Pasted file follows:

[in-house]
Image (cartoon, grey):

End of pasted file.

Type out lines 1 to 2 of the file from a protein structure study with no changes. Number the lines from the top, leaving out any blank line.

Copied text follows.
[in-house]
Image (cartoon, grey):